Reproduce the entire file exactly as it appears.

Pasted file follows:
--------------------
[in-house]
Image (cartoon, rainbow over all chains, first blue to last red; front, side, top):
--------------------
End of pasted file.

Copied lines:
[in-house]
Image (cartoon, rainbow over all chains, first blue to last red; front, side, top):